Saturday, 6 February 2010

Cities of Stories...

While reading the art blog Lines and Colors a while ago I came across this excellent stop-motion animation. It was produced by Apt Studio in 2009 to celebrate the 25th anniversary of the Harper Collins imprint 4th Estate. 

The film immediately caught my imagination as the small character, animated on the pages of Jean-Dominique Bauby's memoir The Diving Bell and the Butterfly, escaped the book's pages as the closed upon him, and stepped out into the bustling intertextual metropolis beyond. That figure is of course the reader. Bauby himself was not able to share the privilege of escaping his own story. Having suffered a stroke in 1995 he was afflicted with a rare condition known in his native France as 'maladie de l'emmuré vivant'. A literal translation into English would be 'walled-in alive disease'. Otherwise completely paralysed, Bauby's only means of communicating his life story was by blinking his left eye. As his transcriber repeatedly read the alphabet aloud Bauby would blink to signal the letter he intended them to write. Proceeding in this way the book took ten months to complete. Bauby died two days after its publication in 1997.

Watching the film I was reminded of Ludwig Wittgenstein's analogy between language and the city in his Philosophical Investigations:
Our language can be seen as an ancient city: a maze of little streets and squares, of old and new houses, and of houses with additions from various periods; and this surrounded by a multitude of new boroughs with straight regular streets and uniform houses.
Wittgenstein's reason for making this analogy was to undermine the idea that a language, or our grasp of it, need be complete in order for us to use it meaningfully. For Wittgenstein it was sufficient that we are able to successfully navigate the elements of the language we do have in order to convey meaning. With regard to the city, would London be any more or less complete, any more or less navigable, once Renzo Piano's Shard has been built? And what about after its demolition, perhaps to make way for a new tower? We might need to stop and get our bearings of course. But there would be plenty of other sign posts and landmarks around to help us...unless everything changed at once. With regard to either language or the city, we generally get on fine making do with what we've got. He goes on to suggest that "to imagine a language is to imagine a form of life". Likewise with the city. So what form of life does the city in the film support?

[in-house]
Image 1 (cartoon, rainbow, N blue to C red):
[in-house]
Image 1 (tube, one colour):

On first sight the figure of the reader emerging from Bauby's book appears to be a kind of flâneur; a solitary stroller out to botanize on textual asphalt, to paraphrase Benjamin's assessment of Baudelaire. Without any particular commitment or care the flâneur is free to take each story as they please: the consummate consumer then; more a biblio-tourist than a bibliophile? Not perhaps an ideal friend. 

On the contrary, the reader the film celebrates would be the bricoleur rather than the idle flâneur. Both are consumers but only the latter remains passive in that act; merely a roving eye (?). True the bricoleur may also read selectively, 'poaching' what they want as they go. Their distinction is their inclination to creatively re-combine their pickings in order to create new narratives. Moving around the city those stories are put into circulation. They find new audiences, new storytellers, and can generate affects beyond the scope of the imagination alone. In this way the film can be read as a condensation of the practices of walking and reading explicated in Michel de Certeau's book The Practice of Everyday Life, and an allegorisation of the 'tactics' constitutive of both.

What I particularly like about the film is the way in which it suggests that the city is more than just infrastructure and architecture. Amongst other things it is a place where stories are developed and shared. Following Wittgenstein's cue I suggested above that to imagine a city is to imagine a form of life. I wonder to what extent concerns over form of life would inform the daily work of urban planners and architects? And also, where might we look to find the architectural equivalent of a dead language?

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